In child custody disputes involving parents who both seek physical custody, one of the basic questions the court will ask regards the parents’ ability to provide shelter, food and clothing for the child or children. Issues become more complex when questions arise as to whether a parent’s behavior might be detrimental to the kids. If there is dispute over this matter, then each parent may have to provide proof to challenge the other’s claims.

Of course, ideally, parents would always come to a reasonable agreement about what is best for the children. In Georgia, for instance, child custody is generally viewed as having two components. Physical custody is given to the parent with whom the child will reside, and legal custody involves a parent’s right to make decisions regarding a child’s upbringing, including religious matters, health care and education.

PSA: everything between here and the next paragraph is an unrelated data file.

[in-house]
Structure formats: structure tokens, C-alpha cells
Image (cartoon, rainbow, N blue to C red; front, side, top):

Georgia courts have begun to regard child-rearing more often in terms of parenting time, rather than in terms of which parent gets physical custody and which parent gets visitation. This shift comes as more people understand that participation from both parents is important for the health and well-being of a child.

However, in extreme cases, a parent’s legal and physical custody rights can be suspended or revoked. These cases typically involve neglect, abuse or a parent’s otherwise becoming unable to care for a child, and sometimes family members other than the parents have to get involved.

Also, under Georgia law, children as young as 11 may now legally express their preference for living arrangements in court.

To learn more about how child custody arrangements are decided (and sometimes modified), please visit our main family law website.

Source: Orlando Sentinel, “Kids’ living conditions outrage relatives, Orlando neighbors,” Susan Jacobson, March 28, 2014